Definite Majority Choice
Definite Majority Choice (DMC) is a voting method proposed by several (name suggested by Forest Simmons) to select a single winner using ballots that express preferences, with an additional indication of Approval Cutoff.
If there is a candidate who is preferred over the other candidates, when compared in turn with each of the others, DMC guarantees that that candidate will win. Because of this property, DMC is (by definition) a Condorcet method. Note that this is different from some other preference voting systems such as Borda and Instant-runoff voting, which do not make this guarantee.
The main difference between DMC and Condorcet methods such as Ranked Pairs (RP), Cloneproof Schwartz Sequential Dropping (Beatpath or Schulze) and River is the use of the additional Approval score to break ties. If defeat strength is measured by the Total Approval score of the pairwise winner, DMC finds the same winner as those other three methods [This needs to be verified! --Araucaria 12:22, 21 Mar 2005 (PST)]
The philosophical basis of DMC (also due to Forest Simmons) is to first eliminate candidates that the voters strongly agree should not win, using two different measures, and choose the winner from among those that remain.
DMC is currently the best candidate for a Condorcet Method that meets the 'Public Acceptability Criterion'.
A voter ranks candidates in order of preference, and may decide to rank some candidates without giving them approval.
Graded Ballot format
A Graded Ballot ballot implementation would infer the ordinal ranking from the grades given to candidates.
A B C D F + / - X1 ( ) ( ) ( ) ( ) ( ) ( ) ( ) X2 ( ) ( ) ( ) ( ) ( ) ( ) ( ) X3 ( ) ( ) ( ) ( ) ( ) ( ) ( ) X3 ( ) ( ) ( ) ( ) ( ) ( ) ( )
A voter may give the same grade (rank) to more than one candidate. Ungraded candidates are graded (ranked) below all graded candidates.
A candidate gets one vote in the one-to-one contest with any other candidate with a lower grade (rank).
C is the "Lowest Passing Grade": any candidate with a grade of C or higher gets one Approval point. No Approval points are given to candidates graded at C-minus or below, or to ungraded candidates.
Grades assigned to non-passing (disapproved) candidates help determine which of them will win if the voter's approved candidates do not win.
In small races it should be sufficient to grade 2 or 3 candidates, but in crowded races, there is the option to add a plus or minus to the grade, allowing a voter to rank candidates at up to 16 levels: 8 approved (A-plus to C) and 8 unapproved (C-minus to unranked).
With the Approval Cutoff / Lowest Passing Grade at C instead of C-minus, an indecisive voter can be hesitant about granting approval by initially filling in a grade of C. If after reconsideration the voter decides to withold approval, the minus can then be checked.
Ranked Ballot format
If the Graded Ballot is deemed too complex, a ranked ballot may be used. Here is one possible format:
|<-- Approved -->| 1 2 3 4 5 6 7 X1 ( ) ( ) ( ) ( ) ( ) ( ) ( ) X2 ( ) ( ) ( ) ( ) ( ) ( ) ( ) X3 ( ) ( ) ( ) ( ) ( ) ( ) ( ) X3 ( ) ( ) ( ) ( ) ( ) ( ) ( )
Ranks 1 through 4 would be approved, 5 through 7 and ungraded would be unapproved.
This ballot is less flexible and intuitive than the Graded Ballot version, but the voting method would be unchanged otherwise.
What is a voter saying by giving a candidate a grade below the Approval Cutoff?
One could consider the Lowest Passing Grade (LPG) to be like Gerald Ford. Anybody better would make a good president, and anybody worse would be bad.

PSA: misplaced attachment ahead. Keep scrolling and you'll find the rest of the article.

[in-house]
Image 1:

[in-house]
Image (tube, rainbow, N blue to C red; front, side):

Grading candidate X below the LPG gives the voter a chance to say "I don't want X to win, but of all the alternatives, X would make fewest changes in the wrong direction. I also won't give X a passing grade because I want X to have as small a mandate as possible." This allows the losing minority to have some say in the outcome of the election, instead of leaving the choice to the strongest core support within the majority faction.
Rankings are added into a pairwise array. The approval scores of each candidate can be stored the diagonal cells, which are unused in other non-Approval-Condorcet hybrids.
We call a candidate Strongly defeated when that candidate is pairwise defeated by any other candidate with higher Approval rating. This kind of defeat is also called an Approval-consistent or definitive defeat.
To determine the winner:
- Eliminate all strongly defeated candidates.
- The winner is the candidate that pairwise defeats all other remaining candidates.
DMC always selects the Condorcet Winner, if it exists, and otherwise selects a member of the Smith Set. Step 1 has the effect of successively eliminating the least approved candidate in the Smith set, but allows higher-approved candidates outside the Smith set (such as the Approval Winner) to remain in the set of non-strongly-defeated candidates.
Handling Ties and Near Ties
During the initial ranking of candidates, two candidates may have the same approval score.
If equal Approval scores affect the outcome, there are several alternatives for Approval-tie-breaking. The procedure that would be most in keeping with the spirit of DMC, however would be to initially rank candidates
- In descending order of Approval
- If equal, in descending order of "Grade Point Average" (i.e., total Cardinal Rating)
- If equal, in descending order of total first- and second-place votes
- If equal, in descending order of total first-, second- and third-place votes.
When there are no ties, the winner is the candidate in Forest Simmon's P set, the set of candidates which are not approval-consistently defeated.
In the event of a pairwise tie or near tie (say, margin within 0.01%), it is sometimes possible to proceed anyway, since another member of P may defeat the tied pair. But if there is no clear winner, ties should be handled using the same Random Ballot procedure as in Maximize Affirmed Majorities.